||Urban green space soundscapes and their perceived restorativeness
||Uebel, K.; Marselle, M.; Dean, A.J.; Rhodes, J.R.; Bonn, A.
||People and Nature
||T5 Future Landscapes
|Data and Software links
||bird sounds; perceived restorativeness; soundscapes; traffic noise; urban parks
- The positive influence of urban green spaces on human
health and well-being is well known while the pathways are little
understood. Past research has largely focused on visual stimuli, yet the
auditory pathway is also an important means for contact with nature.
- The sonic environments of urban green spaces,
however, are rarely entirely natural and many differ in their
composition of natural sounds and anthropogenic noise. Few studies have
investigated how these differences may impact the restorative potential
of these soundscapes and, in particular, how the presence of traffic
noise may constrain the benefits of natural sounds.
- To address this gap, we examined differences in the
perceived restorativeness and perceived restorative outcomes across a
gradient of eight park soundscapes that differed in bird and traffic
sounds. In a laboratory setting, 162 participants listened to sound
samples and reported on perceptions of the soundscapes and restorative
potential and outcomes.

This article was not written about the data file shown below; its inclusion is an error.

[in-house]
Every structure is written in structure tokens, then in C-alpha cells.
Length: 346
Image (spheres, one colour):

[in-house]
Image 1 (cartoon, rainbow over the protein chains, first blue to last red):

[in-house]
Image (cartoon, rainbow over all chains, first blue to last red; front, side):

- The results strongly indicate that park soundscapes
with a rich array of perceived bird sounds and minimal perceived traffic
noise offer the greatest perceived restoration. Traffic noise was found
to moderate the positive effect of bird sounds. The duration of time
lived in the city and noise sensitivity were also positively associated
with greater perceived restorative benefits while noise-sensitive people
were also more negatively affected by traffic noise.
- The promotion of highly natural soundscapes in urban
green spaces and the reduction of traffic noise can provide nature-based
solutions to human health and well-being in urban areas.
|Persistent UFZ Identifier
|Uebel, K., Marselle, M., Dean, A.J., Rhodes, J.R., Bonn, A. (2021):
Urban green space soundscapes and their perceived restorativeness
People Nat. 3 (3), 756 - 769